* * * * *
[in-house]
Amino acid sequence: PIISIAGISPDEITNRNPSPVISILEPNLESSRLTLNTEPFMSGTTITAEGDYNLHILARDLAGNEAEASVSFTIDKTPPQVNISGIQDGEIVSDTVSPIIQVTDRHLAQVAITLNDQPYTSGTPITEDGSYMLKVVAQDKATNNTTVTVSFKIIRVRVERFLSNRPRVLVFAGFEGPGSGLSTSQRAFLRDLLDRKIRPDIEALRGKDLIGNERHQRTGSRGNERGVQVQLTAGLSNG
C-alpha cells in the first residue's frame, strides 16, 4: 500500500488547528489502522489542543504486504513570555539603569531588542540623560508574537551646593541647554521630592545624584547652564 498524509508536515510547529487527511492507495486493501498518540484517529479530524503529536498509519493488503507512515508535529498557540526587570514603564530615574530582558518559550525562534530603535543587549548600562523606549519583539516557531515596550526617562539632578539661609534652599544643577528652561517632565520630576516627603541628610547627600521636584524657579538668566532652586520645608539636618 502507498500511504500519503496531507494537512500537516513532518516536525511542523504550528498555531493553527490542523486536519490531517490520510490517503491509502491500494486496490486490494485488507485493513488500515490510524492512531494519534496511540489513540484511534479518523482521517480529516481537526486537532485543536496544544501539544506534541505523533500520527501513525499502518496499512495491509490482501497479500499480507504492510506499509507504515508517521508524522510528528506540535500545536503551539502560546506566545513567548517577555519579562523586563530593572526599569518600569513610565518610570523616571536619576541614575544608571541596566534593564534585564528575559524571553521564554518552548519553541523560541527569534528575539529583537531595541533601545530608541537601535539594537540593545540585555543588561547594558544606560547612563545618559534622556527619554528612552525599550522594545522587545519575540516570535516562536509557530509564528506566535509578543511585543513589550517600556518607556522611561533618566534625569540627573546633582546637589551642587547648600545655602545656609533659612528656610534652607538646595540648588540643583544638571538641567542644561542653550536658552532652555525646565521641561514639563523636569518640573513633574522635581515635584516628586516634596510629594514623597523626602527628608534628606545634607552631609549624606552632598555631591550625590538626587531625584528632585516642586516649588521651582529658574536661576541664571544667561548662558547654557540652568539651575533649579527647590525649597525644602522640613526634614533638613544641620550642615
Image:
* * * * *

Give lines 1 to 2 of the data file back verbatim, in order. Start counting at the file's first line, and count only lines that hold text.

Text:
[in-house]
Amino acid sequence: PIISIAGISPDEITNRNPSPVISILEPNLESSRLTLNTEPFMSGTTITAEGDYNLHILARDLAGNEAEASVSFTIDKTPPQVNISGIQDGEIVSDTVSPIIQVTDRHLAQVAITLNDQPYTSGTPITEDGSYMLKVVAQDKATNNTTVTVSFKIIRVRVERFLSNRPRVLVFAGFEGPGSGLSTSQRAFLRDLLDRKIRPDIEALRGKDLIGNERHQRTGSRGNERGVQVQLTAGLSNG